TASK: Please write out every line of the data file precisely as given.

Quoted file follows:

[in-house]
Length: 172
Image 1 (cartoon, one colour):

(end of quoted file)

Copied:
[in-house]
Length: 172
Image 1 (cartoon, one colour):